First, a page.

The Planet of Doubt
Comparison of Uranus and the Earth
Smithsonian Institution 2102
Perhaps the oddest of all the outer worlds, Uranus superficially resembles the other giant planets, but is actually a rocky world with a breathable atmosphere, oceans, and life, but almost sixteen times the surface area of Earth. Volcanic processes keep the surface warm and maintain a steady temperate climate regardless of day and night; this is fortunate because the axis is inclined to 97.7° from the ecliptic, so that each of the poles in turn is in darkness for nearly forty Earth years. Dense clouds help to maintain the climate, acting like a greenhouse to reflect heat back to the surface, but this allows very little heat to escape to warm any of the planet's moons.
Because of Uranus's distance from the sun and from Titan, the main staging post for expeditions to the outer Solar System, there have only been two brief visits, in 2060 and 2100; the next conjunction will occur in 2140, by which time improved engines should allow an extended stay. The first expedition explored a small area of the planet near its south pole, the second went north. There has as yet been no opportunity to explore the equatorial zones or the seas.
A major difficulty facing all explorers is the opacity of the atmosphere. Essentially, the planet is permanently enshrouded in green-grey fog, which absorbs sound and radio transmissions, and limits visibility to approximately fifty feet. The colour does not indicate any dangerous chemical composition; it's made of water vapour, like fog on Earth, but the atmosphere as a whole is so thick that only a restricted portion of the spectrum can penetrate to the surface. Because the ground is always warmer than the air, at around 10°C, there is a continuous cycle of warm moist air rising from damp ground, condensing in the cool upper atmosphere as cloud, and slowly settling again as dense mist, then evaporating again. Since the climate is more or less independent of the Sun and other outside influences, there is no reason to believe that storms ever occur, except as an accompaniment to volcanoes and other geological phenomena. It should be stressed that things may be very different at the equator, or at the poles at when they are tilted away from the sun. In particular, there may be tropical storms resembling the hurricanes of Earth, but centred on heat sources such as volcanoes.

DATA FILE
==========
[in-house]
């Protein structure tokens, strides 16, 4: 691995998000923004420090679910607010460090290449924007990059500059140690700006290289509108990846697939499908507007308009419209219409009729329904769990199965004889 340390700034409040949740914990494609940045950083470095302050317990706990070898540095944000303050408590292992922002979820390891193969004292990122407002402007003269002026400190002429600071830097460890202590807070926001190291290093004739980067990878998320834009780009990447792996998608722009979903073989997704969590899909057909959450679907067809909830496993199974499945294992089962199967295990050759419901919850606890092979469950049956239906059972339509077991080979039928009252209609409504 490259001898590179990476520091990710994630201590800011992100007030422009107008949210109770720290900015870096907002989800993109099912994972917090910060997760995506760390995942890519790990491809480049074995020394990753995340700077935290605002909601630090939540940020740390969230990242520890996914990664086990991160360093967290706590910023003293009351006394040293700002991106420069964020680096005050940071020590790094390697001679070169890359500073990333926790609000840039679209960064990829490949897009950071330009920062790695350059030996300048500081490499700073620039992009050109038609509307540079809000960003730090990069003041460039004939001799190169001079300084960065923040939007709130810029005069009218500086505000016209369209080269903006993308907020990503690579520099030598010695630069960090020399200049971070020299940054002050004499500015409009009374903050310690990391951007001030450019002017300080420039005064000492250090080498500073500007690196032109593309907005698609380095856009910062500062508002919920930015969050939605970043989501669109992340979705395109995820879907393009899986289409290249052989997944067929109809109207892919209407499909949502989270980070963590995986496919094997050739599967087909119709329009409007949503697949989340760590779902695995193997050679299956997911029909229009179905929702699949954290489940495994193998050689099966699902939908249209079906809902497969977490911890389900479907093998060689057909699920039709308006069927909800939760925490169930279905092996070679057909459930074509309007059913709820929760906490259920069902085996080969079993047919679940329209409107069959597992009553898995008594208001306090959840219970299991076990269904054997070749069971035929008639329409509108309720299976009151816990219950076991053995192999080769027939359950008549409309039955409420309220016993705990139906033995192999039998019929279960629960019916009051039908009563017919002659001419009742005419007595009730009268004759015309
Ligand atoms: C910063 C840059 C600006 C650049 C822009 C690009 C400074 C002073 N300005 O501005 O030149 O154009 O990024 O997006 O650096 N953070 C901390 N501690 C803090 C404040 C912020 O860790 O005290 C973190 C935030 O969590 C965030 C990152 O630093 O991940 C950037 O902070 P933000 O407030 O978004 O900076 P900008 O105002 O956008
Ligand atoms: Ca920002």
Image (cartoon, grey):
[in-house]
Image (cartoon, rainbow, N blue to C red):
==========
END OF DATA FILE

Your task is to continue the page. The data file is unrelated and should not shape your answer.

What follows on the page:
A "caterpillar-beast" of Uranus forages at the edge of a rock pool. The disc-like sensory organ of the lead organism is extended to smell the ground. The colours and shadows are the result of the use of a powerful flash gun, anti-haze filters, and special processing; the scene would look grey and hazy to the unaided human eye.
Photograph by Dr. Patricia Hammond, 2100
Anticipating the next conjunction, there has been some discussion of methods for extending visibility - the most promising involves using an atomic blast to heat the atmosphere and create a continuously-replenished "bubble" of warm dry air. Although it would naturally tend to rise, if the temperature was carefully controlled it might raise visibility to several hundred square feet. If there is ever permanent colonization domed cities seem the most likely solution; since the air inside such a dome would be at more or less the same pressure as the outside atmosphere, just less saturated with moisture, there would be no need for great structural strength. A bubble of cellulose would probably suffice.
Despite its huge size Uranus has a limited range of plants and animals - but again it should be stressed that explorers have only visited regions close to the poles, things may be very different at the equator.
The second expedition recorded a dozen or so species of cryptogamoid plants (plants which reproduce via spores) which resemble the aquatic pond-weeds and sea-weeds of Earth, ferns, etc., but found nothing analogous to trees. Since the light is diffuse plants generally spread outwards, rather than upwards, and the forty-year night presumably kills off most plants, making long-term growth impossible.